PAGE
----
Billie (Hayley Burnside) meets her tutor, newsman Paul (Nick Lawson), for the first time.Photos: Siggi Ragnar
May 4, 2016
In 1946, America was experiencing
a recovering post-war economy,
unemployment was at 3 percent, and
women who had joined the “Rosie the
Riveter” ranks were staying at home
to rear the first “baby boomers.” And
Garson Kanin’s comedy Born
Yesterday, a starring vehicle for
newcomer Judy Holliday, opened on
Broadway and ran for 1,642
performances. She won an Academy
Award for her reprise of the role in
the 1950 film.
It may sound dated, but the delectably
screwball play can resonate with
contemporary audiences, especially in
the near-flawless production onstage
now at The Classic Theatre. The plot
concerns a thuggish millionaire junk
dealer who has rented an expensive
hotel suite in downtown Washington
D.C., where he plans to wine, dine
and buy a senator to help him close a
huge business deal. He thinks his dumb blonde mistress may screw things up, so he hires a journalist he’s recently met to educate and refine her. She absorbs her lessons like the proverbial sponge, and when the lights begin to dawn for her, all heck breaks loose on her abusive lover.
Talented director Matthew Byron Cassi has assembled a dream cast – strong down to the smallest role – and made no noticeable changes in Kanin’s spirited dialogue. Greg Hinojosa’s Harry Brock is loud-mouthed, cruel and plainly as unrefined and possibly more dim-witted than his girlfriend, Billie Dawn. As Billie, Hayley Burnside captures the essence of Ms. Holliday’s accent and characterization, but she puts her own wacky stamp on the role. Her comic timing is masterful and she makes an art of simple gum-popping and snapping.
The audience is given a clue as to the likely outcome of Billie’s lessons during a very funny pantomimed game of gin rummy with Harry. He taught her how to play, and she goes to great lengths to shuffle, stack, rearrange and tally her cards, ad nauseam, before winning. Again and again.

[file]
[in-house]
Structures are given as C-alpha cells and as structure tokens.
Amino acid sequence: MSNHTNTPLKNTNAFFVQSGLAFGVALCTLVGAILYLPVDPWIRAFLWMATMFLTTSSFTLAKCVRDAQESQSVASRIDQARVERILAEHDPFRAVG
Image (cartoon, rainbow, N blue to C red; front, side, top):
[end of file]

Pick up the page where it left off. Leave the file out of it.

Nick Lawson is purposefully low-keyed as Paul, the charming journalist who introduces Billie to the world of books and history, proper English and etiquette. Pygmalion-like, he is promptly smitten with her, of course, which adds to the amusing discord.
Byrd Bonner is completely credible as Ed Devry, Harry's boozy, wisecracking lawyer, who is smarmy yet sympathetic when it becomes clear that he hates himself for selling out to his crooked – and only – client. Chuck Wigginton makes a perfect good ol’ boy Southern senator – Harry’s mark – and Alexandra Montgomery is wonderfully snooty as his oh-so-proper wife.
The cast is rounded out with excellent work by Catie Carlisle, Ross Avant, Gabriel Sanchez, Alejandro Pesina and Bekka Broyles.
Karen Arredondo-Starr’s stadium-style set (audience on two sides of a central playing space) is truly magnificent: Vintage furniture – including a white padded-leather bar – and props, framed with gorgeous art deco side walls and painted floor by scenic artist Kendall Davila.
Diane Malone’s handsome, well-appointed period costumes feature ruffles, feathers, high-heeled mules and the like.
Rick Malone’s sound design is unobtrusive, but very effective. We loved the recording of “Cry Me a River,” played during the scene strike after Billie finally leaves a shocked, unbelieving Harry. Here, too, was an example of Mr. Cassi’s inventive staging: Harry remains on set in a follow spot while “bellhops” busily clear the area in semi-darkness. Here and throughout, lighting designer Steven Starr deserves an appreciative nod.
Today the economy is struggling and unemployment is disgracefully high, but there are plenty of Congressional shenanigans, crooked politicians and a pending election that is, well, unprecedented in many ways. Not to mention that domestic violence is still prevalent. Yep, there is a lot in Born Yesterday that remains relevant and a lot that is laugh-out-loud funny.
Greg Hinojosa as cruel loudmouth Harry Brock.
Classic Theatre / Born Yesterday
Smart blonde defeats rich vulgarian
Senator and Mrs. Hedges (Chuck Wigginton and Alexandra Montgomery).
Born Yesterday continues Fridays and Saturdays at 8 and Sundays at 3 through May 22 at The Classic Theatre, 1924 Fredericksburg Road. Call (210) 589-8450.